"In 1960, when Mr. Eisenhower was President, only nine patients were admitted, but 32 were hospitalized in 1961, Mr. Kennedy's inaugural year. This would suggest that some personal characteristic of the President was important," the authors concluded.
A fresh groups of researchers returned to the topic in the 1985 journal article, "White House Cases: psychiatric patients and the Secret Service":
Delusional visitors to the White House or other government offices (often seeking a personal audience with the President) are interviewed by the Secret Service and then sent to Saint Elizabeths Hospital if they are considered mentally ill and potentially dangerous to themselves or others. A review of the demographic characteristics and diagnoses of 328 of these 'White House Cases' treated at the hospital between 1970 and mid-1974 showed that these patients were most commonly unmarried, white, and male, and most had a diagnosis of paranoid schizophrenia. Although 22% of this group have threatened some prominent political figure, to date none of this study's patients has attempted to assassinate any such government official.But a 1990 survey on "Violent crime arrest rates of White House Case subjects and matched control subjects" came to a different conclusion, finding that in a sample of those "psychotically preoccupied with a prominent political figure" and discharged from psychiatric hospitals in the early 1970s, "White House Case subjects with prior arrests had a significantly higher rate of total posthospitalization violent crime arrests than the matched control sample."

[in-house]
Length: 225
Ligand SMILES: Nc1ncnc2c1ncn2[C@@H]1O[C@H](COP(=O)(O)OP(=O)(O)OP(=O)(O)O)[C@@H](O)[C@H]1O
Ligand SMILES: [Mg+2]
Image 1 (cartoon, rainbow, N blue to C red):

Is the a lesson to be learned from Washington's experience with White House Cases in the wake of the Tucson shooting?
If so, it is a very straightforward one.
"The lessons from the shooting is the lessons from Virginia Tech and various other incidents that have happened like this," says Kiesling. "People need treatment and if they are experiencing symptoms, they need to get into treatment as soon as possible or they have bad outcomes."